High performance supports complex research studies
The outstanding performance of the IBM solution supports researchers as they conduct studies in a wide range of fields. For example, Prof. Dr. med. Katrin Amunts has been working on a project called The BigBrain at Jülich Supercomputing Centre. The study aims to create the first ultra-high resolution 3D model of the human brain to redefine traditional neuroanatomy maps and support advancements in neurosurgery.

“IBM has provided us with excellent technology and exceptional levels of support for almost half a century. We are highly satisfied with their offering and delighted to have such a reliable partner to advance our research work,” says Klaus Wolkersdorfer, Head of High-Performance Computing Systems at Jülich Supercomputing Centre.

For more information

Contact your IBM representative or IBM Business Partner, or visit the following website: ibm.com/systems/x

For more information on Jülich Supercomputing Centre, please visit: www.fz-juelich.de/ias/jsc/EN

Products and services used

IBM products and services that were used in this case study.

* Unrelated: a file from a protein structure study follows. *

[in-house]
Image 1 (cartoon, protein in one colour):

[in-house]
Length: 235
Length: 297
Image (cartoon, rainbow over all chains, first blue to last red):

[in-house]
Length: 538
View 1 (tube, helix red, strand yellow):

Hardware:
Blue Gene, System x, System x: System x GPFS Storage server, System x: System x3650 M4

Software:
General Parallel File System

Legal Information

© Copyright IBM Corporation 2013 IBM Corporation Systems and Technology Group Route 100 Somers, NY 10589 Produced in the United States of America July 2013 IBM, the IBM logo, ibm.com, Blue Gene/Q, GPFS, and System x are trademarks of International Business Machines Corp., registered in many jurisdictions worldwide. Other product and service names might be trademarks of IBM or other companies. A current list of IBM trademarks is available on the web at “Copyright and trademark information” at ibm.com/legal/copytrade.shtml This document is current as of the initial date of publication and may be changed by IBM at any time. Not all offerings are available in every country in which IBM operates. The client examples cited are presented for illustrative purposes only. Actual performance results may vary depending on specific configurations and operating conditions. THE INFORMATION IN THIS DOCUMENT IS PROVIDED “AS IS” WITHOUT ANY WARRANTY, EXPRESS OR IMPLIED, INCLUDING WITHOUT ANY WARRANTIES OF MERCHANTABILITY, FITNESS FOR A PARTICULAR PURPOSE AND ANY WARRANTY OR CONDITION OF NON-INFRINGEMENT. IBM products are warranted according to the terms and conditions of the agreements under which they are provided. Actual available storage capacity may be reported for both uncompressed and compressed data and will vary and may be less than stated.